In doing this, he relies on creating an effect similar to what Professor Roger Homan calls “the original purpose of stained glass”:

…not the desire to illustrate but the need to sedate light. A stained glass window slows us down; it inclines us to proceed reverently and lower our voices. It is atmospheric. In churches and cathedrals it speaks as the voice in the burning bush “the place whereon thou standest is holy ground”.

Indeed, when I visited the chapel the audience was almost completely silent until, after more than half an hour, the caretaker announced that it was quite alright to walk around or talk to one another. A few of us went closer to the walls, looking for the physical source of light. Some stepped outside to see the building glowing from within through its tall and narrow windows. But most stayed inside on their pew, exchanging little more than a quiet word or two with their neighbour.

Becoming aware of how reverent the atmosphere had been until then, it occurred to me that since I had arrived, the entire environment had heightened my expectation of feeling something profound. Was this a deliberate ruse – an attempt by the artist to show how easily manipulated we are by sense or symbol, to deconstruct the religious belief in a higher power? In Turrell’s case, it seems unlikely. Rather, it seems that he is taking advantage of visitors’ increased receptivity in this setting in order to generate an especially meaningful interaction between the public and his work.

Shortly after first visiting the chapel in Berlin, I saw a picture of a visually similar installation which Dan Flavin had made at Chiesa Rossa in Milan. Flavin had fitted the church with neon lights which, like Turrell’s cycle, suggest a progression from daylight through sunset to night. Unlike Turrell, however, Flavin consistently rejected any symbolic interpretation of his work; for him, it was always about transforming the space and nothing more – although some people have speculated that this church project, completed near the end of his life, may represent a return to faith of sorts.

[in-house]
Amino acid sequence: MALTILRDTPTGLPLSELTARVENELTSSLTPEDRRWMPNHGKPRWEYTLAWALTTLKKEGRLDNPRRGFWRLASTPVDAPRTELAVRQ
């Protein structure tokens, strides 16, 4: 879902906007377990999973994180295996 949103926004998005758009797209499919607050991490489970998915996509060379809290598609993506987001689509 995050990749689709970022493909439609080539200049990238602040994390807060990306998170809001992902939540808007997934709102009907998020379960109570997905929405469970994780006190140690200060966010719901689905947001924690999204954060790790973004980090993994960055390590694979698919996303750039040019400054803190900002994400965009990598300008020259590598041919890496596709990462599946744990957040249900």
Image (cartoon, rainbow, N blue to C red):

It seems unlikely that Turrell is not familiar with Flavin’s installation, and thinking about the two installations together, I was reminded that he once said in an interview: “segregating the literal and what we call the ‘spiritual’ can sometimes be a meaningless distinction”. No doubt some visitors to Chiesa Rossa find great symbolism and meaning in Flavin’s glowing neon lights there, perhaps against the artist’s best intentions. Similarly, others will surely visit Dorotheenstädtischer Friedhof and be moved by its architectural aspect most of all, because the reverse of Turrell’s point is also true: to ignore the literal component from something ‘spiritual’ is to stop short of fully understanding it. In a very real sense, the hushed veneration in Turrell’s Berlin chapel is nothing more than a trick of the light. But this points to an important truth. An artist can set us in a certain direction, but we have to “go inside and greet the light” on our own.

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Photographs and cover illustration by Florian Holzherr.

Sources Mentioned in this Article:

Who looks on glass? The Spiritual Significance of Stained Glass by Professor Roger Homan in Social Affairs Unit blog

Our thanks to Florian Holzherr, Paola Bobba and the Fondazine Prada, Milano, for the images used in this article.